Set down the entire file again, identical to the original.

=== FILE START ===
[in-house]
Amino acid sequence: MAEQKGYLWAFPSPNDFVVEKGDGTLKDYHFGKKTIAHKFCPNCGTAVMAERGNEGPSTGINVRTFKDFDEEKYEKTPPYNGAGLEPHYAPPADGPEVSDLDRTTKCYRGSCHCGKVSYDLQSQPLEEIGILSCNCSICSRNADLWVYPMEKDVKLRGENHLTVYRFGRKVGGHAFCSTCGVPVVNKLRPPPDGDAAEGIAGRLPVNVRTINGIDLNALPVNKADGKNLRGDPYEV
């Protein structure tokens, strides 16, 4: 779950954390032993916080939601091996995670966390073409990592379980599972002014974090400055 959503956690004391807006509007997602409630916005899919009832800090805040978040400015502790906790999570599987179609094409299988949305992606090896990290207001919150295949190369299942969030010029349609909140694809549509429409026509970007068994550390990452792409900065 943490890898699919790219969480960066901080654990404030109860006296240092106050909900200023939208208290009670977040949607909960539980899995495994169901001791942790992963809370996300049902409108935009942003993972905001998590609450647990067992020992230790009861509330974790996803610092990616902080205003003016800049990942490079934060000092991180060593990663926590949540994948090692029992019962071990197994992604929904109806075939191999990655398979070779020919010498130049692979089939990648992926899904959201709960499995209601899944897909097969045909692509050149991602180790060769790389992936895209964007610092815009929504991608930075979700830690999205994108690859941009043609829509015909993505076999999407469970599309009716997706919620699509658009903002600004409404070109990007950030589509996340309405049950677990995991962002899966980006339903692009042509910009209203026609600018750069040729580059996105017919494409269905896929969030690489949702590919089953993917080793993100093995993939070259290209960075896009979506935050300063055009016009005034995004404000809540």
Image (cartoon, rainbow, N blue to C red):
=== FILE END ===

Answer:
[in-house]
Amino acid sequence: MAEQKGYLWAFPSPNDFVVEKGDGTLKDYHFGKKTIAHKFCPNCGTAVMAERGNEGPSTGINVRTFKDFDEEKYEKTPPYNGAGLEPHYAPPADGPEVSDLDRTTKCYRGSCHCGKVSYDLQSQPLEEIGILSCNCSICSRNADLWVYPMEKDVKLRGENHLTVYRFGRKVGGHAFCSTCGVPVVNKLRPPPDGDAAEGIAGRLPVNVRTINGIDLNALPVNKADGKNLRGDPYEV
């Protein structure tokens, strides 16, 4: 779950954390032993916080939601091996995670966390073409990592379980599972002014974090400055 959503956690004391807006509007997602409630916005899919009832800090805040978040400015502790906790999570599987179609094409299988949305992606090896990290207001919150295949190369299942969030010029349609909140694809549509429409026509970007068994550390990452792409900065 943490890898699919790219969480960066901080654990404030109860006296240092106050909900200023939208208290009670977040949607909960539980899995495994169901001791942790992963809370996300049902409108935009942003993972905001998590609450647990067992020992230790009861509330974790996803610092990616902080205003003016800049990942490079934060000092991180060593990663926590949540994948090692029992019962071990197994992604929904109806075939191999990655398979070779020919010498130049692979089939990648992926899904959201709960499995209601899944897909097969045909692509050149991602180790060769790389992936895209964007610092815009929504991608930075979700830690999205994108690859941009043609829509015909993505076999999407469970599309009716997706919620699509658009903002600004409404070109990007950030589509996340309405049950677990995991962002899966980006339903692009042509910009209203026609600018750069040729580059996105017919494409269905896929969030690489949702590919089953993917080793993100093995993939070259290209960075896009979506935050300063055009016009005034995004404000809540």
Image (cartoon, rainbow, N blue to C red):